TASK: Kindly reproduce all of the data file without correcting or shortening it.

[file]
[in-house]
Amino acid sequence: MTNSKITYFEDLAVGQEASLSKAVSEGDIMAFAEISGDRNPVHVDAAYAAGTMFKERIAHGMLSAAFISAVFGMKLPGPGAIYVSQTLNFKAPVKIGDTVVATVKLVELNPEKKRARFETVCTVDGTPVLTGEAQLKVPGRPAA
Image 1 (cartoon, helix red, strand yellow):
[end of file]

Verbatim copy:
[in-house]
Amino acid sequence: MTNSKITYFEDLAVGQEASLSKAVSEGDIMAFAEISGDRNPVHVDAAYAAGTMFKERIAHGMLSAAFISAVFGMKLPGPGAIYVSQTLNFKAPVKIGDTVVATVKLVELNPEKKRARFETVCTVDGTPVLTGEAQLKVPGRPAA
Image 1 (cartoon, helix red, strand yellow):